James Paul Lusk on Housing, Politics and Community

email paul at lusk.org.uk
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Foxes Have Holes: a Christian response to the housing crisis

Foxes Have Holes includes my essay Beyond Welfare Housing (left) and chapters by Rt Rev David Walker (Bishop of Manchester), Sean Gardiner, Chris Horton, Helen Roe, Helen Woolley, Raymond Young and Andrew Francis who co-edits the collection with Trisha Dale. Foxes Have Holes is published by Ekklesia with a launch event at Manchester Cathedral on 5th April 2016.

The Jesus Candidate: political religion in a secular age

Does equality 'marginalise Christians'? My new book explores the roots of this question in the politics of the US Religious Right and its central idea that all law is religious. What merit is there in well-publicised British legal cases said to prove discrimation against believers? Does the fall of the Christian State mean the failure of Christianity? How might Christians assess liberal, secular pluralism? The Jesus Candidate is published by Ekklesia later in 2016.

Resources for community empowerment

Managing in a tenant controlled housing organisation: governance and financial control (produced for the National Federation of Tenant Management Organisations)
Model code of governance for a TMO (produced for NFTMO and adapaed for Greengate Housing Co-op)
Performance information for tenant scrutiny (produced for Rachel Vernelle Training and the National Communities Resource Centre, Trafford Hall)






'Public discussion of housing is shot through with propaganda, wilful ignorance and the subordination of evidence to political myth. Truth can free us from myth, but only if we can first acknowledge the stake which most of us (including this writer and the majority of voters) have in its construction. This may be painful but, like neglectful and selfish parents everywhere, we owe the younger generation an explanation of the mess we are leaving them to live with ...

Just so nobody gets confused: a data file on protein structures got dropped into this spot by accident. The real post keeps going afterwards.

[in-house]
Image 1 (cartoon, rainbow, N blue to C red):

'The housing crisis is first and foremost one of distribution. It arises from post-war welfare housing policies which determined that ‘social rights’ would endow generations with property rights extending through life and beyond. Now, in a sample set of ten households, three are home owners paying nothing; another three are owners paying relatively little compared with income and property value; another three have their housing costs met partly or wholly by the state through benefit and rent regulation; and one pays the full market rent. That last one is likely to be a young worker in a middle income bracket. Those with free or cheap housing consume more than they need. In the long transition to post-welfare housing, supply pressure is displaced especially onto market rent payers. Their number will grow.'

From: Beyond Welfare Housing, in Foxes Have Holes